Thanks to our friends over at ABRAMS books for sending a review copy of their upcoming new book The World of Smurfs: A Celebration of Tiny Blue Proportions! Which so happens to be excellently written by Matt. Murray, the world’s only known Smurfologist!
Murray was President and First Executive director of New York’s Museum of Comic and Cartoon Art, working on an exhibit entitled “Saturday Morning”, which examined not only the art but political, and social aspects of the shows in the exhibit. While setting up the show he came to the realization what some of us writers and readers of the Retroist already know…once a Smurf fan…always a Smurf fan. But Murray took it on himself to try and figure out what made the Smurfs so popular across the world.
Murray warmly relates his own personal experiences with the Smurfs in the Introduction, such as his maternal Grandmother watching the show so that not only would the two of them have something to discuss during their talks over the telephone but that she might be able to understand what words he was ‘Smurfing’.
Murray goes into detail of famed Smurf creator Pierre Culliford or as he was more commonly known throughout the word, Peyo. Murray takes time to educate the reader on Peyo’s childhood and early adult life, when the artist was desperately seeking to sell his cartoon strips to magazines. At this time in his life some other famous creations of Peyo like Johan and Pirlouit (Johan and Peewit as we know them in the United States) came into existence.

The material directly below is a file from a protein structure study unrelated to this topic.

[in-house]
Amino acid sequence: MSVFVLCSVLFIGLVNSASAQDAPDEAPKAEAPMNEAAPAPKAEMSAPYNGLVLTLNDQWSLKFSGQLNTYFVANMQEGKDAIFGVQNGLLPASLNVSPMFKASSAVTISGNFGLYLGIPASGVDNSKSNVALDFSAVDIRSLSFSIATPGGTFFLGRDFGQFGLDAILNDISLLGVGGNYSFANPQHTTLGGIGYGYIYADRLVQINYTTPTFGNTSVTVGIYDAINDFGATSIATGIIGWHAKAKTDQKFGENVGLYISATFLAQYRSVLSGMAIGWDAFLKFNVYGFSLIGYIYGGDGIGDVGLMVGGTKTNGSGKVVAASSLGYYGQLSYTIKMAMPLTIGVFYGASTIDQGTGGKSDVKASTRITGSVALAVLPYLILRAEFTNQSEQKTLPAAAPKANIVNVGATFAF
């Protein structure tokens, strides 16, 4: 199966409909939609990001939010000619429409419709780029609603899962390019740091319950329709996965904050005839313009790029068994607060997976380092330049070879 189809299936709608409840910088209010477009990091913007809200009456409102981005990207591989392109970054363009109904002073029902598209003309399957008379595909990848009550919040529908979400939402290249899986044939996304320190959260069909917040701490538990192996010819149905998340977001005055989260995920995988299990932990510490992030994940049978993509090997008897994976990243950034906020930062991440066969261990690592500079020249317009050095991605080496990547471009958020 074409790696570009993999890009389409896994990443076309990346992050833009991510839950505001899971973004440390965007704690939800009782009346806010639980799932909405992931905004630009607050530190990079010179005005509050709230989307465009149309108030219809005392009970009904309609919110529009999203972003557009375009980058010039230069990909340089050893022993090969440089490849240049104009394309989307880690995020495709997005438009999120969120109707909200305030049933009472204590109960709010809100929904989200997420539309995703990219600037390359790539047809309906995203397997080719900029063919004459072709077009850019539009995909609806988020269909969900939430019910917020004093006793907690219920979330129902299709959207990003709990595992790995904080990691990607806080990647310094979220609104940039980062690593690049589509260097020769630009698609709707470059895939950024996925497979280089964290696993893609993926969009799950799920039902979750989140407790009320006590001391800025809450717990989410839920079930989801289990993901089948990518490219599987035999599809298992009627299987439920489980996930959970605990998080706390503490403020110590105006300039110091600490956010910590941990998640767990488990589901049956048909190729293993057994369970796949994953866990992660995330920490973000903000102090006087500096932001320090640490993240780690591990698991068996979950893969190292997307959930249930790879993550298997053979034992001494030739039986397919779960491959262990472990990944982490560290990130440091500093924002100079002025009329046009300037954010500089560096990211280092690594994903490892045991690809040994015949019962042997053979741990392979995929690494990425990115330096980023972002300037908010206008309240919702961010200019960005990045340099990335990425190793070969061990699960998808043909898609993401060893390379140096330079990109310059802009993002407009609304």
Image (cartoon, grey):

Which would lead to the creation of the Les Schtroumpfs or as they would later be known in America, the Smurfs!
The World of Smurfs book of course chronicles the global popularity of not only Peyo but his family as well as obviously that of his blue elflike wonders…that were only 3 apples high. One of the features in the book that I cannot heap enough praise on is the reproductions of animation cells, movie posters, the Smurf Village poster and original Les Schtroumpfs ephemera. For the most part you can take these items out of the book…including a sheet of Smurf stickers…that I’m having to resist applying to my laptop as I type this!
Murray also dives into the Red scare that I vaguely recall in my youth, yep, some people complained that the Smurfs were secretly sowing the seeds of Socialist behavior in the animated series. How Smurfing sad.
Of course Murray goes in depth with the upcoming Columbia Pictures and Sony Pictures Animation big budget Smurfs film starring Neil Patrick Harris, Jayma Mays, and Hank Azaria. There is some really neat looking production art for the Smurf village that will be seen in the movie, I particularly loved the Smurf blacksmith shop design.
In closing, do I think you should pick up this book when it hits store shelves in August? Absolutely! If you still smile at the thought of playing with a handful of those wonderful blue PVC Smurf figures you will not only find all the history of the Smurfs fascinating but I bet you’ll want to share the book with your family and friends.
The World of Smurfs: A Celebration of Tiny Blue Proportions is U.S.$24.95/Can. $27.95
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